For nearly two decades, the Jewish Agency’s network of summer and winter camps in the former Soviet Union have reached tens of thousands of children, teens, university-age students and their families, connecting them to their heritage, Israel and the Jewish people. The week-long summer camps, which operate in over 14 cities and towns, immerse campers in a week of Jewish life, learning and culture. This year they will operate in 14 different locations throughout the FSU serving approximately 5000 youth between 7 and 17.
At the Moscow camp, ‘Dialogue’ was the theme. A total of 130 campers participated in a multitude of lively ‘dialogues’; with themselves, between the generations, with Israel, and with Jewish Communities around the world.
Here’s what Marina, one of the Israeli counselors, had to say:
“My name is Marina. I’m 28 and I’ve lived in Israel for many years. I’m an Israeli. I am the Israeli who finished school in Israel, who graduated the University in Israel, who served in the army in Israel. I’m the Israeli who happened to come to Israel thanks to my parents, and who had never before thought of what it meant – to be Jewish. I had mostly associated with the people who came from Russia. The people, whose attitudes to Israel were the same as mine, and who, just like me, did not see the difference between a Jew and an Israeli. I used to say I’m an Israeli: that’s where my Jewish identification reached.
So it had been, until the day came, it was a year ago when I accidentally heard from a friend about school for madrichim (counselors to the FSU summer camps.) I decided it might be of interest to me. I don’t even know why I thought so. I had never before worked with children. And I had never before considered this job as a Job. I had always believed that a madrich (counselor) is someone who was supposed to entertain children and who had at least 253 games for them in “his pocket”. As I saw it this job did not have any relation to education.
But, with every new class, I realized how wrong I had been, and how much in my life I had lost, and how much there was still to learn.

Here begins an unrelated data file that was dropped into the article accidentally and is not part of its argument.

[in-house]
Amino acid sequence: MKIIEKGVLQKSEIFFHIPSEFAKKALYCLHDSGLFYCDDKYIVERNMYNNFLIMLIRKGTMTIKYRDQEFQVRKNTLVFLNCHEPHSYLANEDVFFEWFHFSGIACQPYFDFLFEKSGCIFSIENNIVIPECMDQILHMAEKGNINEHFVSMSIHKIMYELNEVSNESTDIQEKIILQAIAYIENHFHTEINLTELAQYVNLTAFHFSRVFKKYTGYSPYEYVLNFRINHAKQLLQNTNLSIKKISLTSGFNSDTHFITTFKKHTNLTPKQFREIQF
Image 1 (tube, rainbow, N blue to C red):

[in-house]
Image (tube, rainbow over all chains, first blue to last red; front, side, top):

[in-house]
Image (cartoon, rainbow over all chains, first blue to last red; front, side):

And so I arrived at the camp. Never before had I felt so nervous. I felt like I did not know anything, because one thing was to discuss theoretical stuff and make up class plans, events and discussions, while it was a completely different thing to see these kids face to face. I learned with the kids. It was like mutual exploration of myself, the world around me, my Jewishness, Israel, etc.
It was a Dialogue, a dialogue of generations and cultures. Only at that very moment did I realize what it meant to be Jewish! At that very moment I felt – I was a Jew! I wanted to know more about my family, about my roots. That was when I came to the realization that what I was doing was really important and how significant it was that I should have come to Moscow. I was able to tell these kids about myself and my Israel, so that they could never lose touch with their roots, their Jewishness and with Israel.”
For more on experiences of both campers, and counselors, check out the Jewish Agency’s FSU Summer camp blog.
courtesy The Jewish Agency for Israel.
eJP note: In 1989, with the collapse of communism in the Soviet Union, the gates were opening to an exodus the likes of which we had not previously seen. The United Jewish Appeal – then the umbrella fund-raising arm of North America’s Jewish federations’ campaigns – launched the Passage to Freedom campaign to resettle Soviet Jews in Israel and the United States. The campaign was less than successful, only raising $50 million.
The next year, UJA increased its efforts with another emergency campaign, Operation Exodus, which ultimately collected in excess of $900 million and allowed almost 1 million Jews to immigrate to Israel and 150,000 more to come to the United States. Operation Exodus became the largest emergency fund-raising event in Jewish history.
Marina’s story, and her connection to the Jewish world, is just one of several we will be bringing to you.